Venue and town: Southwark Playhouse, London
Producer: Danielle Tarento/Southwark Playhouse
Director: Thom Southerland
Music: Richard Rodgers
Book and lyrics: Oscar Hammerstein
Cast includes: Katie Bernstein, Emily Bull, David Delve, Cassandra McCowan, Matthew McDonald, Julia J Nagle, Louise Olley, Benjamin Purkiss, Jacqueline Tate, Samuel Thomas, Susan Travers, Dylan Turner, Gary Tushaw, Steve Watts, Leah West, Matthew Woodyatt
Running time: 2 hours, 30 minutes, including interval
Dates of run: Aug 5-Sept 10
The Italian word for cheerful, allegro in music implies a happy kind of brisk walking pace.
As the title of that rare thing – a virtually unknown Rodgers and Hammerstein musical – it is both apt and poignant given that maintaining an allegro mood throughout life is next to impossible.
Perhaps it’s the melancholy undertone and high moral criticism of superficial social success that deterred directors in the past.
But those characteristics fit it to our times and 70 years after Allegro was written, the themes of a work only now achieving its professional European premiere feel freshly minted.
Now as then, there is political and economic uncertainty and social inequality. Now as then the things most of us need to be happy and fulfilled are a good relationship with a partner who shares our values and a worthwhile job.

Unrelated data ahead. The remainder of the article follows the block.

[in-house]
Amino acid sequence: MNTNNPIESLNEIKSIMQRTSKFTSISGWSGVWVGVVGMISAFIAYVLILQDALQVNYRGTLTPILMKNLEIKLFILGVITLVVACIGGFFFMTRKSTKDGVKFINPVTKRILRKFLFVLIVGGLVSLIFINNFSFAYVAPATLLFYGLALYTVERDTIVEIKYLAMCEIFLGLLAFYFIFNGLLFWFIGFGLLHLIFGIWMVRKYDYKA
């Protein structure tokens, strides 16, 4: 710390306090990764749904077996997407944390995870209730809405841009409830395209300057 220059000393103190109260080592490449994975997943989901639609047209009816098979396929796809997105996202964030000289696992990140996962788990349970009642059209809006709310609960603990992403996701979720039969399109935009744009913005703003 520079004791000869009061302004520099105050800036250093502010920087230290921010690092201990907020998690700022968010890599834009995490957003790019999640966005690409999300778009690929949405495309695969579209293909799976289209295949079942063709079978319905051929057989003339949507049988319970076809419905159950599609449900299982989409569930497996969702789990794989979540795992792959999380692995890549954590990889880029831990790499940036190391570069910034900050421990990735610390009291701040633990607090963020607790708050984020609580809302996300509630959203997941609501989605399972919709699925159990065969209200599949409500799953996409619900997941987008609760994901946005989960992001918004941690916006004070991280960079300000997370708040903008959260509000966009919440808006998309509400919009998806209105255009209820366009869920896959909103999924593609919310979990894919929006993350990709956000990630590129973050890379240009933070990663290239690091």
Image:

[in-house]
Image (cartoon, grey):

Allegro’s ordinary Joe – Joseph Taylor Jr, played by Gary Tushaw – finds the path that should be as simple as taking his first steps only gets harder as life goes on.
The source of joy and pain is Jennie Brinker (Emily Bull) who dangerously prizes money and status far more than Taylor’s vocation to be a small-town doctor.
In a clash that has echoes down the ages, Taylor’s mother, a pure-voiced Julia J. Nagle, foresees it all and declares war on her daughter-in-law.
Director Thom Southerland ratchets up the suspense over who will win and Tushaw’s almost meek Joseph Taylor, caught between forces more powerful than himself, absolutely wins our sympathy.
Tellingly, one of the best songs – “The Gentleman is a Dope” – goes not to one of the official leads but to the dependable Emily West, feelingly performed by Katie Bernstein.
The production’s strength is in its simplicity and, for all the strong solos, in a powerful ensemble, musically satisfying and wittily choreographed.
Set designer Anthony Lamble’s ladders and planks could have been cumbersome, but somehow are perfectly fitting as light-hearted lovers scale them and a wife, desperate for glamour, resentfully hangs her washing over them.
Equally successful, is the chorus’s advice by flash cards to the couple as they weigh their life decisions.
It all makes for a refreshing change from Oklahoma and the Sound of Music.
Barbara Lewis © 2016.